One of the great things about social media is its ability to act as an equalizer, giving non-famous people a platform to voice their concerns and speak out against powerful celebrities and corporations. Nobody wants bad publicity, so taking to Facebook, Twitter or a blog to expose a wrongdoing can attract some serious attention. Of course, it can also be abused and exploited when used irresponsibly. This week, with Spike Lee’s Oldboy remake about to hit theatres, an artist who worked on posters for the movie decided to use the power of social media to get some leverage against an ad agency that took advantage of him. He posted an open letter to Spike Lee detailing the situation, hoping for a response. Well, Spike Lee has indeed replied, but unfortunately it’s probably not the response he was looking for.
According to his open letter to Spike Lee, Juan Luis Garcia was given an opportunity by an ad agency to create some concepts for potential posters for Oldboy. He was paid very little, but was told that if Spike Lee liked what he saw, he would get fair compensation through the licensing buyout fee. He was eventually told that Spike Lee did like the posters, but the money they offered was insultingly low. He decided not to allow them to use the poster, but the ad agency went ahead and used it anyway without paying him even the initial fee he was promised.
Garcia was eventually forced into action when he later noticed his original comps posted on the Facebook page for Spike Lee’s production company, 40 Acres and a Mule Filmworks. Not only were the images being used without permission, they also claimed to have ownership and copyright. Now, one day after posting his open letter and attempting to bring the situation to Spike Lee’s attention, Lee finally responded via Twitter:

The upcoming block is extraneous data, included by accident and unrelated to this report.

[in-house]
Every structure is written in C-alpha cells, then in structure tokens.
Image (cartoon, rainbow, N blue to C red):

I Never Heard Of This Guy Juan Luis Garcia,If He Has A Beef It's Not With Me.I Did Not Hire Him,Do Not Know Him.Cheap Trick Writing To Me.YO
— Spike Lee (@SpikeLee) November 28, 2013
And just like that, any hope of fair compensation has gone out the window. Still, looking at it from Spike Lee’s point of view, what could he really have done? He can’t be sure that the artist is telling the truth. It is a little unfair for Garcia to expect him to take his side just based on a plea for help and a little social media pressure. And yet… you have to feel for Garcia because we all know that artists get screwed like this all the time. What do you think? Is Spike Lee a jerk for brushing this guy off or did he “do the right thing”?